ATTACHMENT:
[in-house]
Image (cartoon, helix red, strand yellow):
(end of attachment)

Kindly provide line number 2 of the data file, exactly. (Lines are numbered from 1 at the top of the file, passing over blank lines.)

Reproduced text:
Image (cartoon, helix red, strand yellow):